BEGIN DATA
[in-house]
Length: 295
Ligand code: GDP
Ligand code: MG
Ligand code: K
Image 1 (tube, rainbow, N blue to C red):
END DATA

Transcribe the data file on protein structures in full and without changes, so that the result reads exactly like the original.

[in-house]
Length: 295
Ligand code: GDP
Ligand code: MG
Ligand code: K
Image 1 (tube, rainbow, N blue to C red):